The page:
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Review index:
Roundup: 10 high-end CPU coolers
by Marc Prieur
Published on September 28, 2011

Test protocol
We took two separate readings to evaluate the various cooling systems covered in this report.

First of all we took temperature readings to measure cooling capacity. For this we used a Core i7-2600K CPU loaded with Prime95. The temperatures at idle weren’t taken as they aren’t particularly representative given the low consumption levels of such a processor at idle: pretty much any cooler can dissipate ten or so watts silently. This CPU was used in three configurations:

- At the base clock with energy consumption measured at 77 watts by the ATX12V
- Overclocked to 4.5 GHz and 1.35V, with energy consumption of 134 watts
- Overclocked to 4.8 GHz and 1.45V, with energy consumption of 175 watts

All the fans were tested with DC at four different voltages: 5V, 7V, 9V and 12V. Four gradings are given:

- N/A: The fan isn’t working at this voltage
- Failure: Cooling insufficient, the CPU throttles power
- Temperature in red: Above 75℃ (temperature obtained in load on an i7-2600K with a box cooler)
- Temperature in black: Temperature reading given

A few explanations follow: During a failure, the cooler doesn’t manage to maintain the temperature of at least one of the cores under 95°C. The CPU then lowers its clock in an attempt to maintain temperatures at a level that won’t be damaging.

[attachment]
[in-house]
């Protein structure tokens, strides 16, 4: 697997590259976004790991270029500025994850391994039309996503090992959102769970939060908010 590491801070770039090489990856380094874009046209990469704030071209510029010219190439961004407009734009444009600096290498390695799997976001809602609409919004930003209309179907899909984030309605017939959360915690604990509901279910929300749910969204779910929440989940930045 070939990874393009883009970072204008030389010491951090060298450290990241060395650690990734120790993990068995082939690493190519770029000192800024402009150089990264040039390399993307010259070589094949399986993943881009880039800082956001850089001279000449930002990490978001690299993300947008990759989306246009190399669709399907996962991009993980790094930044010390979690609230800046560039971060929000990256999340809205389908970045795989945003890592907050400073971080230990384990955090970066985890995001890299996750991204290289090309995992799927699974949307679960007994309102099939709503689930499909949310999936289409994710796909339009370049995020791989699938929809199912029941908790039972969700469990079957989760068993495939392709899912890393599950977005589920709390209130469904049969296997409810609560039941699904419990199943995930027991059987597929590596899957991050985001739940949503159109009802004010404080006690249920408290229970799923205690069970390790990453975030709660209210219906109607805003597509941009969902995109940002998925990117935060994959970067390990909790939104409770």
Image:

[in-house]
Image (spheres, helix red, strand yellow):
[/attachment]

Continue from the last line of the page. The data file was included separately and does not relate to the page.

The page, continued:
The temperature reading given corresponds to the average temperature of the four cores as reported by HWMonitor. The tests were not carried out in a casing. The room temperature was 22.5°C. For a temperature reading to be considered as acceptable, we leave ourselves a leeway of around 20°C, which corresponds to the temperature obtained using the Intel box cooler at 12V on a 2600K at its base clock: 75℃.


Noise levels were measured with a Cirrus Optimus CR152A Class 2 sonometer, which can measure levels as low as 21 dBA, the lowest level permitted by the room used for testing. This is the second time we’ve used this high end sonometer (the first being during our roundup of entry level coolers). Up until now we were using more standard sonometers that allowed us to measure down to levels of between 30 and 35 dBA. We’re planning to roll out usage of this type of sonometer in our other tests so as to be able to publish results that are comparable from one domain tested to another.

The cooler was placed on the ground with the sonometer 50 cm away and raised up 25 cm to take the reading. The solutions measured at between 21 and 22 dBA can be considered as quiet. Up to 25 dBA and the cooling is very discreet. Between 25 and 30 dBA can be considered to be discreet. Between 30 and 35 dBA can be considered standard and between 35 and 40 dBA is starting to get noisy. Beyond 40 dBA can be considered as difficult to put up with for a computer, though this is of course subjective and depends on several factors such as the regularity of the noise or the environment.

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